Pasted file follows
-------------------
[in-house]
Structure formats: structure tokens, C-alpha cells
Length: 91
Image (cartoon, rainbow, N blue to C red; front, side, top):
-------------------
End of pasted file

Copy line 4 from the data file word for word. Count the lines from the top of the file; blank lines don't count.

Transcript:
Image (cartoon, rainbow, N blue to C red; front, side, top):